Need some E&M help!

I have an incredibly cool experiment for you to try. Take a grape, slice it almost all the way in half and open it up so you have two hemispheres of grape connected by a thin strip of skin. Now, put it on a plate in the microwave and zap it for 10 seconds or so.

(Seriously, try it right now.)

The microwaves have a wavelength of about 12.5 cm so the grape sections are about a quarter wavelength long. My explanation for the grape catching on fire (really, go try it) is that each of the grape halves is sampling a different part of the electric field so you set up a large potential between the halves until the central skin finally burns through.

Does this make sense?


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8 thoughts on “Need some E&M help!”

  1. That's exactly how I would explain it. Grape antennas tend to burn up much faster than metallic ones.

  2. Hmmm... what happens if you slice the grape completely in half but place them in the same position, just barely disconnected?

  3. Ok, it's good to know that I at least partially understand EM waves.

    My GPS (grape positioning system) wasn't very accurate in the microwave, so I couldn't test extremely close positions of the completely sliced grape. If the two halves were actually in contact, you get an arc which fails as the halves jiggle away from each other. If they're separated by ~1 mm you just get two hot half grapes.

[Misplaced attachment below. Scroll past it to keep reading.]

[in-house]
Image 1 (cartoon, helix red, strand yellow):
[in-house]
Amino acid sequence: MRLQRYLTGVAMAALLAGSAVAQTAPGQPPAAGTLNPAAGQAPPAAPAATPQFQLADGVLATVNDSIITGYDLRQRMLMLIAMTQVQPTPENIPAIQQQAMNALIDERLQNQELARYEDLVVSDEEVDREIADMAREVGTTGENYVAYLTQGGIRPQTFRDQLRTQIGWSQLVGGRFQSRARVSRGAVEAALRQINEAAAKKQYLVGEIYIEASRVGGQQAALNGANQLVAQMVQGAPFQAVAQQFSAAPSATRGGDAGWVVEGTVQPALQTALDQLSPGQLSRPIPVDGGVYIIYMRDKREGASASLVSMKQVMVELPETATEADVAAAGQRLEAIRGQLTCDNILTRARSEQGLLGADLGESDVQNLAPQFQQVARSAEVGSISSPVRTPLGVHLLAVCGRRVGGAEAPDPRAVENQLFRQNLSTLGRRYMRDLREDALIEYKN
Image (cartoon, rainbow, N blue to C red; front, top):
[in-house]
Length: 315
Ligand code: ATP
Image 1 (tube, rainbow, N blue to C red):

4. Well good to confirm that well-separated grape halves exhibit significantly different heating (hot vs burning).

    Regarding the positioning, that's why dielectrics were invented - a thin film to maintain electric separation between to pieces... so what about using a piece of lettuce/paper/etc in between the two halves? I guess that wouldn't help the "jiggling away from eachother" part, hmmm...

    Anyway, that's pretty darn cool. Now I want my own grapes.

  5. It's really an amazing thing, everyone really should try it.

    I need to get some sort of known dielectric material so I can see what kind of potential the grapes are actually generating. Dielectric breakdown in air is what 1000 V/inch? The grapes definitely wouldn't throw a 1 inch spark. I wonder about waxed paper though, what voltage do you need to arc through that?

  6. I think I remember that K_paper is roughly three times that of air. Have no idea if that's right, but can look it up later on, I'm sure there have to be references out there.

  7. Wax paper should solve the wetting problem. Likely a different dielectric strength than regular paper, though.

    Google says: Yep, definitely more. Something like 40 MV/m, with a kappa around 3.7.

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